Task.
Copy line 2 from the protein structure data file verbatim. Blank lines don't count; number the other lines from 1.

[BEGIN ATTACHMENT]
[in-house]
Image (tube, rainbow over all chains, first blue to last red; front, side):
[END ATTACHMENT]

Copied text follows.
Image (tube, rainbow over all chains, first blue to last red; front, side):